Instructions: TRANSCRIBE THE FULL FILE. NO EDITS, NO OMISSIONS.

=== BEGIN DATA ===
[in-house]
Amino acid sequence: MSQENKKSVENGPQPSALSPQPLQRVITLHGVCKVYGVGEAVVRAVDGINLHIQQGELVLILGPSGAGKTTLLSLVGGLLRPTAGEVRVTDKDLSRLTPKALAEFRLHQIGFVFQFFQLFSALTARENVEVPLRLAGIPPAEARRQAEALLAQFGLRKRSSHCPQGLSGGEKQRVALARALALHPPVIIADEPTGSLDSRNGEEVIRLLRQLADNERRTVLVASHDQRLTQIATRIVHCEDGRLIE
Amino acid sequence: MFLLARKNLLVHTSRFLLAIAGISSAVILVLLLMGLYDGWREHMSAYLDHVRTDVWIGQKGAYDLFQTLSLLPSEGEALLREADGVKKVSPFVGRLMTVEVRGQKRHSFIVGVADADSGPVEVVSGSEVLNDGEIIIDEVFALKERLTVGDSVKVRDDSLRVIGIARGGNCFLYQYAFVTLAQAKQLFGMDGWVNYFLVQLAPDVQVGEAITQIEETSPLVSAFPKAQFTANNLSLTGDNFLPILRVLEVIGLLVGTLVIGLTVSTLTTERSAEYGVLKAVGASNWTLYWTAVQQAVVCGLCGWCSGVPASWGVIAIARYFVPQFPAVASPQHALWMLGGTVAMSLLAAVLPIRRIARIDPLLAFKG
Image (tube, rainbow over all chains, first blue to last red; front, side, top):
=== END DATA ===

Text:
[in-house]
Amino acid sequence: MSQENKKSVENGPQPSALSPQPLQRVITLHGVCKVYGVGEAVVRAVDGINLHIQQGELVLILGPSGAGKTTLLSLVGGLLRPTAGEVRVTDKDLSRLTPKALAEFRLHQIGFVFQFFQLFSALTARENVEVPLRLAGIPPAEARRQAEALLAQFGLRKRSSHCPQGLSGGEKQRVALARALALHPPVIIADEPTGSLDSRNGEEVIRLLRQLADNERRTVLVASHDQRLTQIATRIVHCEDGRLIE
Amino acid sequence: MFLLARKNLLVHTSRFLLAIAGISSAVILVLLLMGLYDGWREHMSAYLDHVRTDVWIGQKGAYDLFQTLSLLPSEGEALLREADGVKKVSPFVGRLMTVEVRGQKRHSFIVGVADADSGPVEVVSGSEVLNDGEIIIDEVFALKERLTVGDSVKVRDDSLRVIGIARGGNCFLYQYAFVTLAQAKQLFGMDGWVNYFLVQLAPDVQVGEAITQIEETSPLVSAFPKAQFTANNLSLTGDNFLPILRVLEVIGLLVGTLVIGLTVSTLTTERSAEYGVLKAVGASNWTLYWTAVQQAVVCGLCGWCSGVPASWGVIAIARYFVPQFPAVASPQHALWMLGGTVAMSLLAAVLPIRRIARIDPLLAFKG
Image (tube, rainbow over all chains, first blue to last red; front, side, top):